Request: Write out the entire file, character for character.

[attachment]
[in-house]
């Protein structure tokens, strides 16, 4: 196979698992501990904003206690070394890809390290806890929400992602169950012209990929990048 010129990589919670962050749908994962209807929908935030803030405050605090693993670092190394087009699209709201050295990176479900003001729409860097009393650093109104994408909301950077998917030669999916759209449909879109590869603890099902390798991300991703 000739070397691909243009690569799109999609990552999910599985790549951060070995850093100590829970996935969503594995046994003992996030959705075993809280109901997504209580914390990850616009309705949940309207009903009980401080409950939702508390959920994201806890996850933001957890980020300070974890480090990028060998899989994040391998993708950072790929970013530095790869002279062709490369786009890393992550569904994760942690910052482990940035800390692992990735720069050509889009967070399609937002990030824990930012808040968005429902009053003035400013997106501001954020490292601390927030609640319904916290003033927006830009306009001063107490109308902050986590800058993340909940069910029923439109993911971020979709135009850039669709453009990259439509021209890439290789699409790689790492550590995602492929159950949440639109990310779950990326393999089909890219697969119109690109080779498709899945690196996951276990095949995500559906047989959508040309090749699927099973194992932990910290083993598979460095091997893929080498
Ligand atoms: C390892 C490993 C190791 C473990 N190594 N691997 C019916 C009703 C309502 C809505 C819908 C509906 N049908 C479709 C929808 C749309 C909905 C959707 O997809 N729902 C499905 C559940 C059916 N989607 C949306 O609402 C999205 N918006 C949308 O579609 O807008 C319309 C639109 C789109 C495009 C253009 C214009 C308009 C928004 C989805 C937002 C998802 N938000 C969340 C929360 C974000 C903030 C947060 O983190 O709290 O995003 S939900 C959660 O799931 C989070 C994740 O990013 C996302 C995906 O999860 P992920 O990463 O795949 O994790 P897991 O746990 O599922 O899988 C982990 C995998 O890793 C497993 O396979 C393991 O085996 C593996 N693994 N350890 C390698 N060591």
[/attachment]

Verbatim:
[in-house]
């Protein structure tokens, strides 16, 4: 196979698992501990904003206690070394890809390290806890929400992602169950012209990929990048 010129990589919670962050749908994962209807929908935030803030405050605090693993670092190394087009699209709201050295990176479900003001729409860097009393650093109104994408909301950077998917030669999916759209449909879109590869603890099902390798991300991703 000739070397691909243009690569799109999609990552999910599985790549951060070995850093100590829970996935969503594995046994003992996030959705075993809280109901997504209580914390990850616009309705949940309207009903009980401080409950939702508390959920994201806890996850933001957890980020300070974890480090990028060998899989994040391998993708950072790929970013530095790869002279062709490369786009890393992550569904994760942690910052482990940035800390692992990735720069050509889009967070399609937002990030824990930012808040968005429902009053003035400013997106501001954020490292601390927030609640319904916290003033927006830009306009001063107490109308902050986590800058993340909940069910029923439109993911971020979709135009850039669709453009990259439509021209890439290789699409790689790492550590995602492929159950949440639109990310779950990326393999089909890219697969119109690109080779498709899945690196996951276990095949995500559906047989959508040309090749699927099973194992932990910290083993598979460095091997893929080498
Ligand atoms: C390892 C490993 C190791 C473990 N190594 N691997 C019916 C009703 C309502 C809505 C819908 C509906 N049908 C479709 C929808 C749309 C909905 C959707 O997809 N729902 C499905 C559940 C059916 N989607 C949306 O609402 C999205 N918006 C949308 O579609 O807008 C319309 C639109 C789109 C495009 C253009 C214009 C308009 C928004 C989805 C937002 C998802 N938000 C969340 C929360 C974000 C903030 C947060 O983190 O709290 O995003 S939900 C959660 O799931 C989070 C994740 O990013 C996302 C995906 O999860 P992920 O990463 O795949 O994790 P897991 O746990 O599922 O899988 C982990 C995998 O890793 C497993 O396979 C393991 O085996 C593996 N693994 N350890 C390698 N060591």